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Mila Kunis once said in an interview that ballet, for her, was just
dressing up in a tutu and being pretty. Darren Aronofsky shows us,
through his film, "Black Swan" how dressing up in a tutu and being
pretty are far from what being a dancer is all about. He even dares to
show us what a lot of ballet dancers and films fail to show us, the
dark side of ballet.
Aronofsky's "Black Swan," is a demented drama about what happens when we crave for perfection. This is shown in young Nina Sayers (Natalie Portman), a young innocent girl who gets the lead part in a New York City ballet company's newest production of "Swan Lake." Her director, Thomas Leroy (Vincent Cassal), casts her after seeing Nina has a dark side, a dark side she denies having. But through the help of a new found friend, Lily (Mila Kunis), Nina discovers her dark side, but in a way she'd never imagine. Through her obsession and self- discovery, Nina will find there's a very heavy fee in pursuing perfection.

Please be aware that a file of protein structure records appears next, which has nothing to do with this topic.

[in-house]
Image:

"Black Swan," discusses many topics. Self-discovery, self-doubt, good and evil and cravings for perfection. Things other films and books have discussed before, but not in such a way as Aronofsky's. Through a disturbing and macabre camera lens, we, the audience, are given a beautifully crafted story with top notch actors and brilliant artistic directing.
*** This review may contain spoilers ***
When first hearing about this movie in 2003, I was a little weirded out
by the ideas that Nightmare before Christmas director, Henry Selick,
had in mind for this film. But I guess I learned from viewing this
movie that the stranger the plans, the better the story.
After his unfortunate, "Monkeybone," I believe that Selick had to really pull something off along the lines of "Nightmare" standards to surpass this mess of his. He successfully beat his Monkeybone (ha ha, I know, I know) and brought us, the audience, something that joins the ranks of "Nightmare" and "James and the Giant Peach." Having read the book before seeing the movie and then seeing the trailer, I was a little skeptical as to how true they were going to be to the wonderfully imaginative novel by Neil Gaiman. When hearing about the addition of a new character named Wybie Lovat and changing Mr. Bobo's name to Mr. Bobinsky, I knew that asking for a true adaptation would be asking too much. Fortunately, I was proved wrong as the movie keeps true to its adaptation and even has a few pleasant surprises in store.